firstwriter.com's database of book publishers includes details of 1,900 English language publishers that don't charge authors any fees for publishing their books. The database is continually updated: there have been 21 listings added or updated in the last month. With over a dozen different ways to narrow your search you can find the right publisher for your book, fast.
Influx Press has created a Kickstarter campaign in a bid to grow its business.
Supported by industry figures including author and editorial director Max Porter and author and campaigner Nikesh Shukla, the publisher intends to raise £15,000 to fund the press for the next two years.
After five years of publishing and receiving previous Arts Council funding, Influx has decided to "go down the crowd-funding route", following the successes of popular campaigns including those for The White Review, Dodo Ink and The Good Immigrant (Unbound).
Sales of adult trade books fell 13.1% in October compared to October 2015, while sales in the children’s/young adult segment rose 1.9%, according to figures released Wednesday morning by the AAP as part of its StatShot program.
The decline in adult trade was led by a 24.1% drop in hardcover sales, the biggest trade format, as well as a 21.0% decline in mass market paperback and a 31.9% drop in the sale of physical audiobooks. Sales of digital audiobooks rose 7.6% in the month over October 2015, and e-book sales were up 2.6%. For the first 10 months of 2016, sales in the adult trade category were down 3.2% compared to the same period a year ago.
It may sound like a headline from The Onion, but the craziest thing about it is that it’s true: “Local bookseller buys out tech firm next door.” That’s how Anne Hollander describes what’s happening in Dallas, Texas, where Deep Vellum Books is set to expand into a neighboring space at some point in the next three months. Even crazier is that the bookstore is the successful outgrowth of a relatively new small publishing house.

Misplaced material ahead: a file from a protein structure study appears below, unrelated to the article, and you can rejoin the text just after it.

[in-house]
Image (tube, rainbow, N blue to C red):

NEW YORK (AP) — George Braziller, an independent and self-taught publisher for more than 50 years who supported early novels by Norman Mailer and Arthur Miller and released fiction by Nobel laureates Orhan Pamuk and Claude Simon, has died. He was 101.
Publishing is a notoriously risky business.
A publishing house might give a first-time author a six-figure deal, only to see the book flop. It's always been hard to predict what will sell. Now publishers are getting some help from data that tells them how readers read — and that makes some people nervous.
In April 2011, Marion Grace Woolley found her first publisher through firstwriter.com's database of publishers. A year later, she has published three books with two different publishers, both from our listings.
Several years ago, as an aspiring novelist with stardust in my eyes, I used to spend most of my waking hours in Yahoo’s Books and Literature chatroom in the company of fellow aspiring writers. I clearly remember how one of the main topics of conversations used to be the number of rejection slips one had received on that particular day (or the previous week), agents/publishers who had requested a synopsis or proposal, and those who had just not bothered to respond. All of us were united by the looming sense of uncertainty, suspense, and the palpable realisation that the odds were firmly stacked against us.
Today, having spent more than seven years on the other side, first as a consultant and then an agent, I think many writers have wrong notions about rejections. While most books are rejected because of poor quality and incompetence (as they should be), there are several other factors that play a role in publishing decisions. And these affect “good” books too.
I do quite a bit of writing, and every so often the idea of publishing a book crosses my mind. Normally, thoughts like “I should write a book!” fall into the same category as “we should start a band,” or “let’s buy a bar!” Still, sometimes my interest gets the best of me, and I do a bit of digging into what it would take to get published.
Fortunately, I have a trusted resource close to home. My business partner’s wife, Maury Ankrum, recently went through the process of writing a book and getting published, and she was more than willing to share a few things she’s learned throughout her journey.
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